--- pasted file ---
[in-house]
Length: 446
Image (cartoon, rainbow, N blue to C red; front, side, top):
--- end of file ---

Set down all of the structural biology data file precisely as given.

[in-house]
Length: 446
Image (cartoon, rainbow, N blue to C red; front, side, top):